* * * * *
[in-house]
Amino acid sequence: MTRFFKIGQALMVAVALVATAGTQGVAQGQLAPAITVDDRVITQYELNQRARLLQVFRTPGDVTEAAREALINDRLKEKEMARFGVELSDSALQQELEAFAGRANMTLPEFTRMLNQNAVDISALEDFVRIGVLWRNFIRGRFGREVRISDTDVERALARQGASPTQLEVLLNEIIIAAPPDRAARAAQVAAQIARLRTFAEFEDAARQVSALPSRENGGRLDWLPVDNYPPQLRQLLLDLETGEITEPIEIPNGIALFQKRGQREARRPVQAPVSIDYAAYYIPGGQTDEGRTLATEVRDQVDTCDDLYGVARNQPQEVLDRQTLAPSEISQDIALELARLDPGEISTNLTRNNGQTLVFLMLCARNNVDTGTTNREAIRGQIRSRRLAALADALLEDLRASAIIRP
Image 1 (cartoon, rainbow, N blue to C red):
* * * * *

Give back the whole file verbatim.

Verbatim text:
[in-house]
Amino acid sequence: MTRFFKIGQALMVAVALVATAGTQGVAQGQLAPAITVDDRVITQYELNQRARLLQVFRTPGDVTEAAREALINDRLKEKEMARFGVELSDSALQQELEAFAGRANMTLPEFTRMLNQNAVDISALEDFVRIGVLWRNFIRGRFGREVRISDTDVERALARQGASPTQLEVLLNEIIIAAPPDRAARAAQVAAQIARLRTFAEFEDAARQVSALPSRENGGRLDWLPVDNYPPQLRQLLLDLETGEITEPIEIPNGIALFQKRGQREARRPVQAPVSIDYAAYYIPGGQTDEGRTLATEVRDQVDTCDDLYGVARNQPQEVLDRQTLAPSEISQDIALELARLDPGEISTNLTRNNGQTLVFLMLCARNNVDTGTTNREAIRGQIRSRRLAALADALLEDLRASAIIRP
Image 1 (cartoon, rainbow, N blue to C red):